Notes for Vientiane: Finishing off the Abu Sayyaf

Notes for Vientiane: Finishing off the Abu Sayyaf

- in Opinion
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As this goes online, the ASEAN meeting will also commence in Vientiane, Laos, an event which the President Rodrigo Duterte will attend for the first time. He goes into the meeting fresh from a bombing in his home town. Likewise, several countries have issued travel advisories against their nationals travelling to Mindanao. With all these, it seems easy to blame the island and its residents for digging its own grave.

But can we?

The truth is that the Abu Sayyaf has been active in its operations for the last 30 years, its methods and objectives markedly different from  the liberation movements like the Moro Islamic Liberation Front (MILF) and the Moro National Liberation Front (MNLF). It is a gang of thieves, kidnappers, and extortionists divided into groups like franchises, some worryingly allied with the ISIS. While the Philippine President has warned us about these threats, many ears receiving it in the last two month didn’t seem to want to listen:

Yet the bigger threat it bears is the relationship with groups in Malaysia and Indonesia, and its ability to organize bandit teams capable of carnage not unlike the Davao blast. The fear resonates on a regional scale, with new groups sprouting regularly. We hope that this threat is discussed among ASEAN leaders in Vientiane.

More critically, all past Manila governments have been unable to destroy this menace. This shows that by and large, their playbook shows that they were content with containing the violence to Mindanao.

Thus, regardless of whether Mindanao’s 23 million was at peril, it had to endure the shocks in place of the capital. It was a strategy to limit the impact of adverse travel advisories. Many in Metro Manila just don’t feel it. So long as Megamall is safe, everything seems to be fine.

Contrary to the belief of many in the north of this country, violent Mindanao is not the result of the clashing cross, crescent, and spear. The root of the systemic violence is the Manila-centric government and its policies that have maximized the economic gains of the island’s resources while leaving it politically marginalized and culturally stigmatized. Consider some factors:

  1. The blatant economic inequality where one region has had the highest Gross Regional Domestic Product rate while its immediate neighbor is the poorest of them all. The boom cities of Davao, Cagayan de Oro, and General Santos have been exit points for the export of products meant to for Western tables, yet beyond their borders, extreme hunger is twice the national average.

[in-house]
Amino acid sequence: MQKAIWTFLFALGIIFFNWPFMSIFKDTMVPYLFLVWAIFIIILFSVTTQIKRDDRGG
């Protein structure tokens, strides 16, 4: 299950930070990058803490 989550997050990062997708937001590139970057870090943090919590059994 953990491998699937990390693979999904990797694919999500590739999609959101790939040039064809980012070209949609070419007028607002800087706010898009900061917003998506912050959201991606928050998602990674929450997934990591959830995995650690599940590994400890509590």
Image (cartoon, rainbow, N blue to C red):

2. Mindanao is the Manila government’s convenient battleground. The last administration’s peace record in Mindanao will show the following glaring blunders: the Lumad killings, the Zamboanga siege that paralyzed an entire city of 700,000 for two weeks, the Kidapawan massacre where the hungry were shot, the Mamasapano incident where 44 of our best policemen were massacred. Notice that all these interventions by Manila actors left Mindanao in shambles and Mindanaoans alone to pick up the pieces. The inequalities and animosities persisted.
  3. National media is focused on the blow-by-blow accounts of the conflict while ignoring the deep context of Mindanao’s complex reality, and the roots of such barbarism. This lends Abu Sayyaf immediate attention, shock, and awe that scares people into paying ransom and inspires gullible followers drawn by the glory of their fake heroism spawned by a showbiz mentality while feeding cultural hatreds. Mainstream media needs to tell a deeper story to illuminate issues and enlighten minds.

Addressing these is not the magic bullet that will eradicate the Abu Sayyaf, but apart from decisive sustained military action and intelligence work, it helps drain the swamp and destroy whatever inspired those who joined the group.

The Duterte victory and the shifting focus of development efforts into the South of the country, with peace initiatives, is a step towards eradicating this by creating the institutions that push inclusive economic growth and development. The rest is up to us and how seriously we work together to put these in place. Then we win this war.




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